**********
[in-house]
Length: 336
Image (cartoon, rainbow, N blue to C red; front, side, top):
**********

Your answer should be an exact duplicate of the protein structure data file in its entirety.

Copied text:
[in-house]
Length: 336
Image (cartoon, rainbow, N blue to C red; front, side, top):